When King George did come, ft was
through the main entrance. He ig
nored the royal entrance, with its
SIGNPOST OF FAME
A Recent Snapshot Photo of
Mrs. Hammers tain Standing
Just Across the Street from
Where Her Husband's
Famous Victoria Theatre in
the Heart of the Times
Square District Stood.
effigy of Oscar looking mock
ingly down. The occasion
for the King's visit was one
of Queen Mary’s charity be
nefit.-.. Oscar was elated. -So
was I, of course. After all
i these months their Majesties
had at last consented to at
tend. Oscar, Wearing his in
imitable top hat, stood by the
entrance, awaiting the atrh a!
of the K i rig's, carriage.
-ws wing v.eorge aligMed
from his carriage and started, lor the
entrance .Oscar came forward with ex
tended hand and with all of the
heartiness in the world, entirely free
of the usual formality, cried out;
“Hello, King! Glad to see you l" The
King smiled with surprise and amuse
ment. and said, cordially, "1 am de
lighted to meet you, Mr. Hanimers'tei.n.'"
Oscar had tried to be very genial.
Of course, he was not used to the eti
quette of the court. I don’t suppose
that His Majesty, in his most unsus
pecting moments, had ever dreamed of
such a welcome. My husband mur
mured a quiet salutation to the Queen.
Of course, I never dared mention to
Oscar that his regard for a king was
not in keeping with custom.
However, the evening seemed to be
a triumph, and everybody, we thought,
was happy. But the King and Queen
never returned to Oscar’s opera house
after that incident. They let the insti
tution lapse into the doldrums of fail
ure without the slightest concern, in
fact, Oscar once said to me: “I kind
of think that King George and his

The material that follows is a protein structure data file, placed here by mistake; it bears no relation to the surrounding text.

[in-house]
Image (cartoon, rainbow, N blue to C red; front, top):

u. IIi.ttBI.lt I I..
V SCIATICA i.r mount pain due to
some involvement of the sciatic
nerve. This nerve is the longest
rr> the body. It reaches front the spinal
•ord down to the knee joint. There it
branches off into two other nerves
which supply the lower part of the leg
and foot. As a matter of fact, the
sciatic is not really a single nerve but
i--: a combination of two nerves enclosed
in a tube of tissue in the same way that
ar, electric cord consists of two elec
trie wires surrounded by a tube of in
sulating fabric, Tit is through the me
dium of this nerve that the log receives
impulses so,that it tail, move at will. It
also receives sensations from the skin
arid transmits them to the spinal cord
and to the brain.
Kecause the nerve runs down the
biii-k part of the thigh, jt is there that
the pain is felt in sciatica. Sciatica is
r ot ad) lease in itself; it is a symptom.
In this respect it may be compared
to a headache which is merely a warn
ing that some abnormal condition is
existing in the body. Of course, it is
possible for the nerve to become in
flamed due to such causes as exposure